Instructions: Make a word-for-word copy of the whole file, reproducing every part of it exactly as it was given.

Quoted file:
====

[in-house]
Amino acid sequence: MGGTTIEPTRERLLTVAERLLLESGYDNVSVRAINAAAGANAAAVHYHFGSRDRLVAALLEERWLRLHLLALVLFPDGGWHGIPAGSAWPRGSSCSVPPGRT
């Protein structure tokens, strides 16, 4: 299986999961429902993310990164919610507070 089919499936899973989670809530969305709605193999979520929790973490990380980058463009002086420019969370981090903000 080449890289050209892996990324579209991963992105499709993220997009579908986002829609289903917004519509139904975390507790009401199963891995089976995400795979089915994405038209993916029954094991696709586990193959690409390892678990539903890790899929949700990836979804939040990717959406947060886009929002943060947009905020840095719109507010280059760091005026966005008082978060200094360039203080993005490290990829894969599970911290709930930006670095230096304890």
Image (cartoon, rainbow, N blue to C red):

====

[in-house]
Amino acid sequence: MGGTTIEPTRERLLTVAERLLLESGYDNVSVRAINAAAGANAAAVHYHFGSRDRLVAALLEERWLRLHLLALVLFPDGGWHGIPAGSAWPRGSSCSVPPGRT
């Protein structure tokens, strides 16, 4: 299986999961429902993310990164919610507070 089919499936899973989670809530969305709605193999979520929790973490990380980058463009002086420019969370981090903000 080449890289050209892996990324579209991963992105499709993220997009579908986002829609289903917004519509139904975390507790009401199963891995089976995400795979089915994405038209993916029954094991696709586990193959690409390892678990539903890790899929949700990836979804939040990717959406947060886009929002943060947009905020840095719109507010280059760091005026966005008082978060200094360039203080993005490290990829894969599970911290709930930006670095230096304890």
Image (cartoon, rainbow, N blue to C red):